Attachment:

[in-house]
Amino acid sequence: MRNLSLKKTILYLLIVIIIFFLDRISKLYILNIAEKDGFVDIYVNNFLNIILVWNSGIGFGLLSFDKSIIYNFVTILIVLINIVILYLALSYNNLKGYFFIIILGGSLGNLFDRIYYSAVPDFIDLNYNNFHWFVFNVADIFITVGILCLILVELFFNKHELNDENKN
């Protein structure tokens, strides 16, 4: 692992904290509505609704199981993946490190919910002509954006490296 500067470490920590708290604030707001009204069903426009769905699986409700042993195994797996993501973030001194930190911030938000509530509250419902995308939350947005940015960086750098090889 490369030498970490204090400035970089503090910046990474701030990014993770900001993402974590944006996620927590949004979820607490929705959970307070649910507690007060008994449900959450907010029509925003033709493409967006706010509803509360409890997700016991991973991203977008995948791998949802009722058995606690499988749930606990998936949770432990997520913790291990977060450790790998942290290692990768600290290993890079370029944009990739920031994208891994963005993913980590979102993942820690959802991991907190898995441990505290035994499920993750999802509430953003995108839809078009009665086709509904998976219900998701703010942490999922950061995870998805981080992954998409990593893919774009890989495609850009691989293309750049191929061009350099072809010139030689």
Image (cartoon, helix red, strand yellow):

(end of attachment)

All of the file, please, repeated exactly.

[in-house]
Amino acid sequence: MRNLSLKKTILYLLIVIIIFFLDRISKLYILNIAEKDGFVDIYVNNFLNIILVWNSGIGFGLLSFDKSIIYNFVTILIVLINIVILYLALSYNNLKGYFFIIILGGSLGNLFDRIYYSAVPDFIDLNYNNFHWFVFNVADIFITVGILCLILVELFFNKHELNDENKN
């Protein structure tokens, strides 16, 4: 692992904290509505609704199981993946490190919910002509954006490296 500067470490920590708290604030707001009204069903426009769905699986409700042993195994797996993501973030001194930190911030938000509530509250419902995308939350947005940015960086750098090889 490369030498970490204090400035970089503090910046990474701030990014993770900001993402974590944006996620927590949004979820607490929705959970307070649910507690007060008994449900959450907010029509925003033709493409967006706010509803509360409890997700016991991973991203977008995948791998949802009722058995606690499988749930606990998936949770432990997520913790291990977060450790790998942290290692990768600290290993890079370029944009990739920031994208891994963005993913980590979102993942820690959802991991907190898995441990505290035994499920993750999802509430953003995108839809078009009665086709509904998976219900998701703010942490999922950061995870998805981080992954998409990593893919774009890989495609850009691989293309750049191929061009350099072809010139030689």
Image (cartoon, helix red, strand yellow):